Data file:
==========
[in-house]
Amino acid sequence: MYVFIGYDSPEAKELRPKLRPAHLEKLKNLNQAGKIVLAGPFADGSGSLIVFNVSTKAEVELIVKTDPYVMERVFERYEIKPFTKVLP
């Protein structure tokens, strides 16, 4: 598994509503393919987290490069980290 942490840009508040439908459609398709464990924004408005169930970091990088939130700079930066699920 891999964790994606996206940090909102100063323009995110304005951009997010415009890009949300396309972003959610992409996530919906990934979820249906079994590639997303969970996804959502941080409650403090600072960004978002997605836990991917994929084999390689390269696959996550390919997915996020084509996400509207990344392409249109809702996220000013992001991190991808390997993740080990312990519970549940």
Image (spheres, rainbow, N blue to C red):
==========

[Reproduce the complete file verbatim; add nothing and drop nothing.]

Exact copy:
[in-house]
Amino acid sequence: MYVFIGYDSPEAKELRPKLRPAHLEKLKNLNQAGKIVLAGPFADGSGSLIVFNVSTKAEVELIVKTDPYVMERVFERYEIKPFTKVLP
């Protein structure tokens, strides 16, 4: 598994509503393919987290490069980290 942490840009508040439908459609398709464990924004408005169930970091990088939130700079930066699920 891999964790994606996206940090909102100063323009995110304005951009997010415009890009949300396309972003959610992409996530919906990934979820249906079994590639997303969970996804959502941080409650403090600072960004978002997605836990991917994929084999390689390269696959996550390919997915996020084509996400509207990344392409249109809702996220000013992001991190991808390997993740080990312990519970549940």
Image (spheres, rainbow, N blue to C red):